Hebrew Worldview The entire Hebrew worldview is centered on their faith in God, who is the author of creation and the source of all that is good and righteous. In fact, it would be truly impossible to analyze any aspect of Hebrew culture without first considering their beliefs on God. They gained their purpose, morality, indeed, their sense of identity, from their Creator and Sustainer, a fact that make them unique from other historical cultures. Their views on God also affected how they viewed both the past and future, which they were equally proud of.
The faith and worldviews of the Hebrew people were so deeply intertwined that it would be no exaggeration to say that they were one and the same. The Hebrew people gain their worldview on the earth’s origins from the book of Genesis, which is a critical foundation to the Hebrew belief structure. This book’s major focus is on the relationship between God and man, a relationship that the Hebrews viewed much differently than the Mesopotamians. Indeed, this difference in worldviews on the relationship between God and man significantly influences the overall difference in worldview.
The Hebrews clearly viewed God as the supreme creator and ruler of the universe, from the outermost reaches of the heavens to the depths of the sea. This is evident from the beginning of Genesis, which opens with God creating light and the sky, separating land and water, placing the stars in the sky, populating the sky and the seas with birds and fish, filling the earth with animals, and finally creating man. As the supreme creator, God has complete power over the universe, in the eyes of the Hebrews.
While God does possess ultimate power over his creation, it is important to note that he does not abuse this power, but gives man a certain degree of free will. Although God maintains his sovereignty, there is a type of balance that is achieved which keeps him from becoming a dictator. However, the book of Job reveals a misconception that many Hebrews had about the nature of God’s actions. While each speaker in Job offers at least one particularly astute observation, they all fail to provide a comprehensive and authoritative opinion.
One common belief shared by each speaker is that Job is being punished for his own sins. Bildad’s advice to Job is to be a “blameless person,” and he instructs, “If you are pure and upright, surely then God will rouse himself for you. ” The reader knows that God does in fact view Job as “blameless and upright,” but Bildad and the other speakers have no such knowledge. The interaction between Job and his so-called friends indicates the folly in attempting to understand the ways of God.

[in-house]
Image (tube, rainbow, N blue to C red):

Interestingly, Zophar seems to understand this mystery, as he asks, “Can you fathom the mysteries of God? Can you probe the limits of the Almighty? They are higher than the heavens above—what can you do? They are deeper than the depths below—what can you know? ” However, he proceeds to attempt to do that which he says is impossible in his further instructions to Job. If this is any indication on the worldview of the rest of the Hebrews, it indicates their knowledge that God’s mysteries cannot be revealed and simultaneous attempts to reveal them.
In their efforts to answer the age-old question of why God allows bad things to happen to good people, they succumb to a common misconception. They believe that it is the result of the sin of a man, rather than the sinfulness of man. Evil exists in the world because of original sin, and this affects all of mankind. Although Job lived a life that was as close to perfect as possible, he was still stricken with the consequences of sin. This was something that was not understood by Job or his friends.
The Hebrews had an accurate view of their relationship with God, and realized that mankind was distinct from the rest of God’s creation. There is a special connection between God and man, one that is not seen in other cultures, such as Mesopotamian. This connection is particularly evident in the covenants God makes with his people, such as with Noah and Abraham. In fact, the language in these covenants is similar to the language used in Hebrew marriages, which indicates that the Hebrews desired an intimate relationship with God.
The Hebrew worldview on God is also evident in the flood story of Genesis, in which God is both just and merciful. His justice is seen in the fact that he punished mankind for their sinful and violent nature, but his mercy is seen in the fact that he saved Noah and his family, and promised never to destroy the earth in such a way again. The Hebrews gained not only their existence, but also their reference of morality from God. He stood for all that was good, and the Hebrews constantly strove to live in a way that would be pleasing to him.
The Hebrews held both the past and the future in high regard, as is evidenced by their frequent lineages of the patriarchs of Israel. The Jewish people viewed the future as equally important, as seen in God’s covenant with Abraham. Though Abraham, Isaac, and Jacob are fully aware that they will never live to see this covenant completely fulfilled, they are nevertheless tremendously proud of it. They saw themselves as fathers of a future great nation, as well as the descendants of great men, and both were extremely important to them.
The Hebrew people were a monotheistic culture and, as shown in the various previous examples, their God heavily influenced their worldview. Through Him, they developed their view of nature, morality, purpose, and identity as human beings. It would be utterly futile to attempt to understand their culture without first understanding their view of God. Their God was unlike any of the gods of the ancient cultures; He was perfect, caring, and He gave hope for a brighter future with his covenants. This not only makes their God unique amongst the ancient cultures, but their worldview in general as well.